3 Reasons that ISIS will be successful despite delays in release

ISIS will be the mobile wallet to deal with in the next few monthsAfter its release was delayed in order fine-tune the customer experience, ISIS is being implemented inside the Aramark cafeteria, which is located inside Verizon's Basking Ridge, New Jersey Headquarters.

 

This trial release of ISIS comes not a moment too soon, as some of its major competitors in mobile payments, Google and PayPal, have been positioning themselves for future success. Also, rival corporation Square is on the verge of cashing in on the popularity of Starbuck's mobile payments, as Starbucks customers will be allowed to pay with the Square mobile wallet starting in November.

 

FierceMobileContent.com recently released an article that all but condemned ISIS's chances of ever becoming successful. While Ankeny's piece brought up valid obstacles that ISIS will face, such as merchants supporting other rival services and ISIS's restrictive format, it is overly critical and not looking at the big picture. ISIS will need a feeling out period, just as many of its competitors did and still has a high chance of being successful:

 

 

1. The high number of partnerships before its release

Even before ISIS recently released their trial version, the mobile payment system had already attained a high level of industry support.

 

Read full article here.

 

ISIS has made partnerships with leading financial services companies, such as:

  • American Express
  • Chase
  • Capital One
  • Barclaycard 

 

Furthermore six different device manufacturers, HTC, LG, Motorola Mobility, Research In Motion, Samsung and Sony, will be introducing products that support the ISIS platform. To add to this, ISIS has agreements with point-of-sale terminal manufacturers VeriFone, Ingenico, ViVOtech and Equinox Payments.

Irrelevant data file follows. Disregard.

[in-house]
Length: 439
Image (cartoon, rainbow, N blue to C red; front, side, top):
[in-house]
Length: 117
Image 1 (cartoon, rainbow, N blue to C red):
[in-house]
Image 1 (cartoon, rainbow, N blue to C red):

This is a major factor and gives ISIS the upper hand because much of the competition have only recently begun to draw the support of financial service companies.

 

2. ISIS's mobile wallet has good security

One of the biggest question marks for mobile wallets has been how they will maintain security. ISIS seems to have this problem solved, as the mobile wallet is PIN-protected. This prevents  account information from being accessed directly from the wallet on the phone. In addition, customers can call carriers to have the contents of their mobile wallet remotely wiped if they lose their phone. Thus, customers are well protected in the instances of theft or losses of their phones.

 

3. ISIS was developed by mobile carriers

ISIS is a joint project of Verizon Wireless, At&T, and T-Mobile USA. This is one of the most important factors because these mobile carriers will want to push their own product, rather than allowing customers to use alternative mobile wallets. This was already seen when the three carriers shunned Google Wallet on their networks. Competitors are obviously having success because they have a head-start with ISIS not being ready for release. But with ISIS now on the move, and the mobile wallet having access to such major platforms, it’s hard to argue that they won't surpass rival wallets.

Comments

  1. Mike Wilkinson

    Hi there,

    Interesting argument. I believe that the reason for the delays in the launch of ISIS is that the company’s realised it’s instrument doesn’t offer consumers a compelling value proposition: having a variety of merchants accepting it likely won’t be enough to get consumers to start using it.

    I’ve written about this subject on a LinkedIn group I help manage, http://linkd.in/UQCqjK. I fear ISIS is about to follow countless other JVs introducing NFC for mobile around the world and fade into oblivion. Am I wrong? Surely, the company needs to sort out its value proposition if I am to be proven so.

    Cheers,
    Mike

    1. Randy Narine

      Thanks for the comment Mike! I read your article and LinkedIn and I think it is very valid. They did push it back for a long period of time, and this could very likely be because their customer proposition is lacking (definitely was’t minor tooling).

      Though, I still think that when they do release ISIS they’ll work these problems out. They have a great starting ground because a large number consumers who use Verizon, AT&T, and Verizon will have ISIS on their phone. We’ll definitely see soon enough.

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